Japan machinery orders rise, ease concerns about economy

TOKYO (Reuters) - Japan's leading gauge of capital spending rose for a third straight month in August, in a sign firms are investing their profits in plants and equipment that could bolster growth in the world's third-largest economy.

The 4.7 per cent monthly gain in core machinery orders in August will help ease concerns the economy is losing traction even as the Bank of Japan maintains ultra-loose monetary policy and the government stands ready to deploy fresh fiscal stimulus.

The data followed a shocking slump in August factory output and other soft indicators including exports and household spending, complicating the government's decision by the year-end on whether to proceed with a second sales tax hike next year.

The Japanese economy shrank an annualised 7.1 per cent in the second quarter, the biggest contraction since the 2008-09 global financial crisis, as an April sales tax hike dealt a heavy blow to consumer demand.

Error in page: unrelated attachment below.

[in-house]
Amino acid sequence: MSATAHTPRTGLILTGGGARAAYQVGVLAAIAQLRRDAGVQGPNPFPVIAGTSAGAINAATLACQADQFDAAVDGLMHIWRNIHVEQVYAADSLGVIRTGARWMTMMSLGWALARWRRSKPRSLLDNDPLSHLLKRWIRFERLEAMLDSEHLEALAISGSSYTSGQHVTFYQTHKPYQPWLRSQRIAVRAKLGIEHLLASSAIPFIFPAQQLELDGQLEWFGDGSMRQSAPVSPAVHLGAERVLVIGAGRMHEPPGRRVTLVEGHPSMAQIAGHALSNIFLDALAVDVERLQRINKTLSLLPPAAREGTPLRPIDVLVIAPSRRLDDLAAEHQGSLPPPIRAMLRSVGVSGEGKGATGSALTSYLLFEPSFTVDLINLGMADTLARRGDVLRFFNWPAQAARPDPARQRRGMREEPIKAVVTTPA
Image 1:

Prime Minister Shinzo Abe is due to make a decision on the sales tax increase in December, looking at economic indicators in July-September for clues on whether the economy is strong enough to withstand the impact from the higher levy.

The government plans to increase the sales tax rate to 10 per cent in October 2015, after having raised it to 8 percent from 5 per cent in April.

Cabinet Office data showed core machinery orders, a highly volatile data series regarded as a key gauge of capital spending in six to nine months, rose 4.7 per cent in August from the prior month, much faster than a 0.9 per cent gain expected by analysts. "Machinery orders show a moderate pick-up move," the Cabinet Office said, upgrading their assessment. Previously, machinery orders were described as seesawing.

The rise followed monthly gains of 3.5 per cent in July and 8.8 percent in June, after a record 19.5 per cent drop in May.